Across Five Aprils Chapter 1
It is an April morning in 1861 in southern Illinois. Ellen Creighton is out with her son Jethro planting potatoes on the family farm. She is a tired, little woman who has given birth to twelve children and endured various hardships in her life. Jethro, the youngest child of the family whom she favors, was born during a year when three of her children died from disease within one week.
Mother and son work the fields in silence. Jenny is preparing lunch in the cabin while Matt Creighton and his two sons do the spring plowing. A little later, Shad Yale can be seen driving to Newtown on his wagon. "A tall powerfully built youth of twenty, with a firm mouth and grave, dark eyes that [give] him the appearance of an older man," Shad is the local schoolmaster from Philadelphia. Chapter 1, pg. 10 He came to teach at the school where Matt Creighton is a director in order to support himself through college. It will be his third term this coming fall, and Shad shares a special relationship with the Creightons who has treated him like a member of the family. In Shad, Jethro finds a role model, and in turn, Shad feels affection for his little student who is always eager to learn.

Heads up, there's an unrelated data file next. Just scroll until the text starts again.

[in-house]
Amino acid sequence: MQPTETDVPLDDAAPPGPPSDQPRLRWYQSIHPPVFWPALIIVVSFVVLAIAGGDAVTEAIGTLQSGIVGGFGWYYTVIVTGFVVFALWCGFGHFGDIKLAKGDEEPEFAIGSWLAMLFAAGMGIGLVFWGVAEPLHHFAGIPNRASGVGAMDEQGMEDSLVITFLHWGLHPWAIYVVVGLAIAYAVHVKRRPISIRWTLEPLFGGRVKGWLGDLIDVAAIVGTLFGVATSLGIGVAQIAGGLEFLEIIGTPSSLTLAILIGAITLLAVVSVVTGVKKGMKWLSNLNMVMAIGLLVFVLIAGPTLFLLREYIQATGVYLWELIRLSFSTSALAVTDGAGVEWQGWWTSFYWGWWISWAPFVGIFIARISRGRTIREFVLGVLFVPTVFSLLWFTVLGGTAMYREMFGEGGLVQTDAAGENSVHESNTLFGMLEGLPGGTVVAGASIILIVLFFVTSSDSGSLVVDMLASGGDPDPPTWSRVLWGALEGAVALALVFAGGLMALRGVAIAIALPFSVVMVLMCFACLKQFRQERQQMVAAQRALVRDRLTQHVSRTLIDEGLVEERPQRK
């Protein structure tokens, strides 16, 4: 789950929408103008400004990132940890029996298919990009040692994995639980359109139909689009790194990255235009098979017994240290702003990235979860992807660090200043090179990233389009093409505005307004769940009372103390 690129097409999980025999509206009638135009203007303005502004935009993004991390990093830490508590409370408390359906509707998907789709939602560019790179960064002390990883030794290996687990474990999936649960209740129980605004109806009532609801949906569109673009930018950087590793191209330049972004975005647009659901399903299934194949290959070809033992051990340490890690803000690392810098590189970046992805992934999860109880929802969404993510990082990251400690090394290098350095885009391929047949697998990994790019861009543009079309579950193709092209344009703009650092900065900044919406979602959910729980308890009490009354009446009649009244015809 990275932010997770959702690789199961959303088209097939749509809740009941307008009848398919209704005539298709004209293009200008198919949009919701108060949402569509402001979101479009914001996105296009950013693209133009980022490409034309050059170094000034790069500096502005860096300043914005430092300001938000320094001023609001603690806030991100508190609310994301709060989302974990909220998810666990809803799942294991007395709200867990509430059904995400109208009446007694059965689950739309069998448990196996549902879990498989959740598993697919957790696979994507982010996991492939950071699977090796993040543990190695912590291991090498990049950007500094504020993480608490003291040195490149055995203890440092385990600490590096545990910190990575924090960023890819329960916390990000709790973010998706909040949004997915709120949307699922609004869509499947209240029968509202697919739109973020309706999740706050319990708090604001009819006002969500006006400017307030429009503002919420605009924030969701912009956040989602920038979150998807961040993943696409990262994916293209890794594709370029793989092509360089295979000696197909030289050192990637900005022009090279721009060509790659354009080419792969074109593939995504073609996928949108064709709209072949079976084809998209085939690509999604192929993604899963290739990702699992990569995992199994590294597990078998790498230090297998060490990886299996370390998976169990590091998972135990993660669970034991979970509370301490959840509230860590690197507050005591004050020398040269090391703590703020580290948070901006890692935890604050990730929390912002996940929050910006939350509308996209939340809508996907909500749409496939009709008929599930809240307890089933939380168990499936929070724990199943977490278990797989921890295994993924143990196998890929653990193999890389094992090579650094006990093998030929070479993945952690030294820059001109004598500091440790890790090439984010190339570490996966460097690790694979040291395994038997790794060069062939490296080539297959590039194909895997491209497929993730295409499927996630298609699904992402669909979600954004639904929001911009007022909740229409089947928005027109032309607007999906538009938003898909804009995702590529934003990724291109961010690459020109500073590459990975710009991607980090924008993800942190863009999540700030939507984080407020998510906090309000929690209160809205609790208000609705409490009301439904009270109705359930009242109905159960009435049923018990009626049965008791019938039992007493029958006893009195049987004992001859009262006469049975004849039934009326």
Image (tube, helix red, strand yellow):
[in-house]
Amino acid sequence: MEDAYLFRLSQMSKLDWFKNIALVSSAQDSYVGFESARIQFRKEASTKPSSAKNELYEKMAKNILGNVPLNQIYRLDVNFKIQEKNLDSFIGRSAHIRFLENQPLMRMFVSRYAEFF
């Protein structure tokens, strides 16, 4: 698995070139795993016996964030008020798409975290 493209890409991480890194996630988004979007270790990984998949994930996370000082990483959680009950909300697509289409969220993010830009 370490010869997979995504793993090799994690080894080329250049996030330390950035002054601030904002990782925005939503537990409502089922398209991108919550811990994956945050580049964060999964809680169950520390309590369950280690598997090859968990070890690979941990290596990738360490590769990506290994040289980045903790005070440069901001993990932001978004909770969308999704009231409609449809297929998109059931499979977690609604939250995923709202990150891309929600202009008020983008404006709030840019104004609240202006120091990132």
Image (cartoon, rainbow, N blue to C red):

After promising Ellen to bring back the latest newspapers, he tells her not to worry, but Ellen is apprehensive and sad. Although he is sad to see his mother worry, Jethro is not worried about the likelihood of war. He has heard his brother Tom and his cousin Eb talk about it, and he has learned that the fear of war is "a womanly weakness." But Ellen does not feel that way, telling him that she is afraid of losing all of her children.
In order to divert her attention from war, Jethro tells his mother about Copernicus and how he, going against the beliefs of his society, argued that the earth revolved around the sun. But soon enough, Ellen is back to thinking about the war, and Jethro can't do anything to distract her. Recently, he has noticed many adults in the community talking about the election in 1860, tariffs, slave and free states. Many are angry that President Lincoln has not yet declared war. Jethro knows about wars from his lessons at school about the American Revolution. To Jethro, "war [means] loud brass music and shining horses ridden by men wearing uniforms finer than any suit in the stores at Newton; it [means] men riding like kings, looking neither to the right nor the left." Chapter 1, pg. 15 He knows that people die in wars, but Jethro is certain than if Tom and Eb ever go to war, they would return. "It would be shadowy men from distant parts who [die] for the pages of future history books." Chapter 1, pg. 15